One of the things all Student Ministries deal with is constant change. Every year we graduate a class of seniors and inherit a new class of sixth (or seventh) graders. The reality is we lose some of our more mature disciples, while adding to the numbers of our more immature disciples.
So that would be addition by subtraction…. my bad, I meant subtraction by addition. This is the constant cycle of turnover that we face as student disciple makers, and as the cycle turns it brings a subtle shift to our focus. We position a new class of seniors to take the reins of student leadership, and seek to integrate a new group of sixth graders into our ministry.
In essence we focus on leadership development, and student congregation retention. That makes sense too, because we want the older student leaders to model a mature faith to the younger ones, while trying to make sure we retain all our newbies. After all, today’s newbies are tomorrow’s student leaders within our ministries. So we seek to establish a cycle of continuous leadership development and number retention/growth.
This subtle shift of focus can even occur within the most structured Student Ministry, but I think it is in this ever so subtle shift of focus that a disease has infiltrated us. This disease has distracted us from our mission of seeing God glorified and enjoyed in the lives of our students and youth workers. It’s a disease that consumes every facet of Student Ministries, which includes our volunteer youth workers, how/what we teach, the execution of our small groups, and most importantly our students understanding of the supremacy of Jesus Christ.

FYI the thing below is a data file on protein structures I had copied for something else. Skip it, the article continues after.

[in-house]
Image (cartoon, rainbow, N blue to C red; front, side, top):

I don’t have a name for this disease, but I know its symptoms. The symptoms are all concerned with how or what we focus on. Focus requires attention, applied energy, and an investment of time. What you focus on and how you focus on it will directly impact your students and volunteer youth workers, which in return will create your culture.
Here are some of the symptoms I have observed:
Symptom 1: The focus of raising-up and building student leaders
Do we want student leaders? Yes, we absolutely want them. Are we called to make leaders? No, we are called to make disciples of Jesus Christ that operate out of their faith in who He is and His great works.
Symptom 2: The focus of retaining students
Do we want all of our students along with their family and friends to come to know, love, and worship the Lord God? Yes, we desperately desire that. So shouldn’t we focus on doing everything we can to make sure the students don’t just return but return with their friends? No, we should focus on making disciples that go into their peer groups to make disciples.
Symptom 3: The focus of developing behaviors
Do we want our students to behave in a manner that reflects their faith? Yes, behavior is important. Then shouldn’t we teach behavior based lessons? No, the basis of all our teachings should be God, His works, and our new found identity in Jesus Christ.
Symptom 4: The focus of placing students first
Wait, we are a student ministry aren’t we? Absolutely, we love our students and hope to see them saved and sanctified. Then we should place our students first in our ministries? Absolutely not, we are disciples of Jesus Christ, and therefore He always comes first.
Remember the shift is subtle, and it grows out the best of intentions, but it can have retarding effects on our students desire to pursue Jesus Christ. In the coming posts I will further discuss my observations of these symptoms, their effect on our ministries, the Word of God that my views flow from, and what I think we can do to overcome this disease.